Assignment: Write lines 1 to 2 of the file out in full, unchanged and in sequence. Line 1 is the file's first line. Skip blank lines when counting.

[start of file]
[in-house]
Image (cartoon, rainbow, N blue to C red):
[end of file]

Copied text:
[in-house]
Image (cartoon, rainbow, N blue to C red):